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Picture of abnmacv
posted
For use on deer and hogs with max range 250 yards. Low light with shadows part of the equation. Clarity of the lens important with aging eyes involved Suggestions?


U.S. Army 11F4P Vietnam 69-70 NRA Life Member
 
Posts: 763 | Registered: June 11, 2005Reply With QuoteReport This Post
Freethinker
Picture of sigfreund
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The one I use most of the time is much more of a unit than what you need, but the one bit of advice I offer on the subject is to not be misled by whatever maximum range the rangefinder is rated for by the manufacturer. That max distance is almost always based on an ideal reflector, and not something like a hairy animal. I.e., if you anticipate your max hunting distance to be 250 yards, get a finder that’s rated for at least twice that distance.




Enlightenment is man’s emergence from his self-imposed nonage [immaturity]. Nonage is the inability to use one’s own understanding without another’s guidance. This nonage is self-imposed if its cause lies not in lack of understanding but in indecision and lack of courage to use one’s own mind without another’s guidance.”
— Immanuel Kant
 
Posts: 40257 | Location: 10,150 Feet Above Sea Level in Colorado | Registered: April 04, 2002Reply With QuoteReport This Post
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As with sigfreund, the LRFs I use are built for great accuracy at extended distances, and thus may be more costly than what you want.

So....let's start with a budget.
Next, you're probably looking at a monocular design -- binos will be more expensive and probably be overkill.

Lasing out to 250 yards isn't very demanding, even with non-reflective targets. I find that LRF units actually work better in lower light than in bright sunlight.

If you can, visit a local sporting goods store and fondle their LRFs. And of course, gun shops. Visit both hunting and golf counters, as some of the LRFs marketed for golfers are virtually the same optics and electronics as the hunting models -- just without the camo shell.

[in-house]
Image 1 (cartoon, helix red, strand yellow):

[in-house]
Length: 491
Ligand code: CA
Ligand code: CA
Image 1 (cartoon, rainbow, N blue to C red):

Posts: 6145 | Location: Colorado | Registered: January 26, 2008Reply With QuoteReport This Post
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I’ve been using a Leica 2400, it’s the nicest rangefinder I’ve had.
 
Posts: 4949 | Location: Alaska | Registered: June 12, 2010Reply With QuoteReport This Post
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My spouse bought me a Nikon Prostaff 440 about 15 years ago and it is on its 2nd battery now. Still tells me it is 329 yards from my front porch to the entry gate. It was a bit over 200 bucks back then. I think the Prostaff line is pretty good.
 
Posts: 303 | Location: East Texas | Registered: June 06, 2008Reply With QuoteReport This Post
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Picture of sourdough44
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I use a refurbished Nikon Monarch, I think it was $160 on fleabay. It works fine for me.
 
Posts: 3825 | Location: WI | Registered: February 29, 2012Reply With QuoteReport This Post
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Ive nee really happy with my Sig Kilo 2400. Probably dont need to spend that much but you never when you may want to go from 250 to 1k.

Out to t 250 Id probably go with whichever major manufacturers you can get the best deal on.


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Posts: 7558 | Location: One step ahead of you | Registered: February 10, 2009Reply With QuoteReport This Post
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From what I've seen at steel matches, the less expensive Nikon and Sig units should be more than adequate for ranging critters at 250 yards.